A few minutes before a screening of “Filly Brown” last week, Oscar-nominated actor Edward James Olmos tried to explain why the new family drama about a female Los Angeles street poet “is the most hopeful film I’ve ever worked on in my life.”
Olmos, 66, had gathered in a backroom at Universal CityWalk’s AMC theaters with his costar and longtime friend Lou Diamond Phillips, 51, and Gina Rodriguez, 28, whose performance as an aspiring rap star helped land “Filly Brown” a spot at the 2012 Sundance Film Festival.
In the movie, Rodriguez plays Maria “Majo” Tonorio, a street-schooled striver who adopts the nom de hip-hop Filly Brown and is trying to land a recording contract. She also shoulders the burden of trying to help her incarcerated mother (played by the late norteña superstar Jenni Rivera) get out of jail and of assisting her father (Phillips), a reformed-gangbanger construction worker, in raising her impressionable younger sister (Chrissie Fit). Olmos, the film’s executive producer, has a small but critical role as a lawyer helping Majo to win her mother’s release.
Like a number of canonical films about Latinos — “La Bamba” (1987), starring Phillips as the Chicano pop idol Ritchie Valens, or “Stand and Deliver” (1988), with Olmos portraying a heroic East L.A. teacher and Phillips as one of his protégés — “Filly Brown” revolves around a young person’s struggle to overcome various roadblocks to success. Often, that tussle involves a tension between individual ambitions and familial obligations.
The movie’s subtext of continuities and conflicts between generations resonated with many of its predominantly Latino cast and crew, for whom “Filly Brown” itself forged a link between an older generation of Latino artists and an up-and-coming one. “Filly Brown” was written by Youssef Delara and co-directed by Delara and one of Olmos’ sons, Michael D. Olmos.
“The young kids in this movie give me hope,” said the elder Olmos. Nodding at Rodriguez, he added: “This one especially. I’ve been waiting for these kids, and I’m praying that there’s lots of ‘em out there.”
If Edward James Olmos fills the elder statesman role — both in “Filly Brown” and of Latino film in general — and Rodriguez personifies its potential, Rivera represented a midcareer promise that was tragically cut short.
The Long Beach-born Mexican American singer, known as La Gran Señora, had sold millions of albums and starred in the hit reality TV series “I Love Jenni” before she was killed in December in a plane crash in Mexico at age 43. One of her last recordings is a pop duet with Olmos, “Hurts So Bad,” heard in the movie.
Olmos said he had known Rivera for a couple of years, because his daughter and her son attended the same school, when he called to ask if she would accept her first feature film role.
“I said, ‘Jenni, I need your help,’” Olmos recalled. “She said, ‘Eddie, you’re asking me for a favor — you got it. Send over the script.’”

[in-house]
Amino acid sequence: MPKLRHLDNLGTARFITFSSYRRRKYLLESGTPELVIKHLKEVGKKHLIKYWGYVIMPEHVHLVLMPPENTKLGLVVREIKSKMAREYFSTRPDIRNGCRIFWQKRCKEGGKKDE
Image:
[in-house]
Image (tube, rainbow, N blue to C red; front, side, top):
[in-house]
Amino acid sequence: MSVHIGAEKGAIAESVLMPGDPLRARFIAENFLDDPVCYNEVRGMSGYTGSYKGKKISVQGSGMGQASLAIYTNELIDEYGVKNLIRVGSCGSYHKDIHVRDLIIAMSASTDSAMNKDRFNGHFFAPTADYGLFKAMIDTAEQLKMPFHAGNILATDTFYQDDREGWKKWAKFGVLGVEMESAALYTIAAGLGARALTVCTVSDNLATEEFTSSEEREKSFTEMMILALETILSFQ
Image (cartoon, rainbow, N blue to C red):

Rivera was just as accommodating on set, her castmates said. “She was so chill and down-to-earth,” said Rodriguez, a Chicago native and graduate of New York University’s Tisch School of the Arts. “Jenni was everything her fans wanted her to be and more.”
Not surprisingly for a film about a would-be rap star, music plays a crucial role in “Filly Brown,” and the producers wanted to make the soundtrack as authentic and au courant as possible. To that end, they enlisted Silent Giant Entertainment, a Sherman Oaks music production company, to help assemble a formidable lineup of tracks and contributing artists.
Lisa “Khool Aid” Rios and Edward “E-Dub” Rios, the wife-husband duo who run the company, brought Rivera to the filmmakers’ attention. They also helped secure acting roles for several longtime Silent Giant collaborators, including rapper-producers Ronnie Ray Bryant (otherwise known as Baby Bash) and Ramon Pedro Herrera III (a.k.a. Chingo Bling), who gooses the film with his semi-comic turn as a DJ-promoter. Eventually, Silent Giant decided to invest in the film and become one of its co-producers.
Lisa Rios, a longtime radio personality with hip-hop station KPWR (105.9-FM), said that “Filly Brown” fit Silent Giant’s mission of popularizing hip-hop and serving the company’s target demographic of English-speaking second- and third-generation Latinos. She and her husband said the filmmakers were open to suggestions, including how to depict “the viral essence of Facebook, social media, and how artists really are born now.”
Music especially is used in the movie to illuminate Majo’s growth. As her character matures, her singing transforms from braggadocious outbursts to shiny pop baubles to a sophisticated sung poetry that seeks to articulate her community’s aspirations — in English rather than Spanish.
“I learned to find my voice the same way Filly Brown found her voice,” said Rodriguez, who never had rapped before making the film.
After languishing post-Sundance in distribution limbo for months, “Filly Brown” is being released by Pantelion Films, a 3-year-old L.A. company that specializes in expanding distribution of movies with Latino actors, directors and writers. Rather than being aimed at predominantly non-Latino art-house crowd, “Filly Brown” is being steered toward a general-market audience.
“So it’s going right at the core, right at the American-speaking Latino core, which is where we’ve always thought that the energy should be placed,” Delara said.